Sunday Links #23

A profile of Zell Kravinsky. Any biography that opens casually with “Last summer, not long after [he] had given almost his entire forty-five-million-dollar real-estate fortune to charity” has to be good.

And speaking of effective altruism, ever wonder what characteristics effective altruists share? Joey Savoie and Xio Kikauka interviewed 42 EAs and found an average age of 25 (17-46), 75% male, left-wing politics, an average of 20 hours a week on EA volunteering, donating a median of 10% of their income, and generally transitioned from altruism to EA (as opposed to from effectiveness to EA). Though, admittedly, this survey used a non-random convenience sample.

Also, we should put a value on a human life: “That dollar value is $5.8 million. Denying this leads to terrible consequences. Let me explain.”

Some failures of people doing science:

How statistics can go wrong and basically say anything the author wants them to say.

“On Intellectual Triage and Not Writing People Off”: “Terry Eagleton’s bludgeoning review of Richard Dawkins’s The God Delusion famously begins, ‘Imagine someone holding forth on biology whose only knowledge of the subject is the Book of British Birds, and you have a rough idea of what it feels like to read Richard Dawkins on theology.’ I share Eagleton’s frustration. But what doesn’t bother me — or Eagleton either, I’m pretty sure — is Dawkins’s rejection of religious belief in general or Christianity in particular. Suppose Dawkins were to say something like this: ‘I don’t really know that much about Christianity, but from what I do know I haven’t seen anything that would cause me to take it seriously or to investigate it further.’ I would have absolute respect for that position — because, after all, that’s the position I’m in in relation to all sorts of beliefs: in Zoroastrianism, say, or telekinesis, or alien spacecraft in Roswell, New Mexico.”

“The Crackpot Offer: “The thought went through my mind: ‘I’ll get that theorem eventually! Someday I’ll disprove Cantor’s Diagonal Argument, even though my first try failed!’ I resented the theorem for being obstinately true, for depriving me of my fame and fortune, and I began to look for other disproofs. And then I realized something. I realized that I had made a mistake, and that, now that I’d spotted my mistake, there was absolutely no reason to suspect the strength of Cantor’s Diagonal Argument any more than other major theorems of mathematics. I saw then very clearly that I was being offered the opportunity to become a math crank, and to spend the rest of my life writing angry letters in green ink to math professors.”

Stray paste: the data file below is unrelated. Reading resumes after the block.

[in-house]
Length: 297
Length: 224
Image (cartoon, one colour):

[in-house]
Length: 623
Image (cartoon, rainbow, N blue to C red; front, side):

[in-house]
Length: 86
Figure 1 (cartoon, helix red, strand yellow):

However, a way to make things a bit better – advance science. From “Three Ways to Advance Science”: “There are three ways to contribute to scientific progress. The direct way is to conduct a good scientific study and publish the results. The indirect way is to help others make a direct contribution. Journal editors, university administrators and philanthropists who fund research contribute to scientific progress in this second way. A third approach is to marry the first two and make a scientific advance that itself expedites scientific advances. The full significance of this third way is commonly overlooked.”

“Social Justice for the Highly Demanding of Rigor”: Some people claim “that social justice advocates irresponsibly take some undesirable outcome in minority groups, like poverty, and then assume it is the result of racism or sexism without considering other possible explanations. […] My counterargument is that although the first argument is true a depressingly large amount of the time, some people do more rigorous work and get the same result – that poor outcomes for minority groups are caused in large part by racism and sexism.”

Exactly as the title says: “Anatomy of a Hack: How Crackers Ransack Passwords Like ‘qeadzcwrsfxv1331’”. Ars Technica gave three experts a 16,000-entry encrypted password file, and asked them to break them. The winner got 90% of them in a few hours. And this includes passwords like “momof3gr8kds” and “correcthorsebatterystaple”. If you want to make a secure password, use the Schneier Scheme.

Paul Graham on “How to Not Die” (as a business). This is why .impact has weekly meetings – weekly meetings encourage a powerful norm of weekly progress, which moves things forward: “You’ve probably noticed that having dinners every Tuesday with us and the other founders causes you to get more done than you would otherwise[. …] Every dinner is […] a deadline. […T]he mere constraint of staying in regular contact with us will push you to make things happen, because otherwise you’ll be embarrassed to tell us that you haven’t done anything new since the last time we talked.”

How to learn difficult things.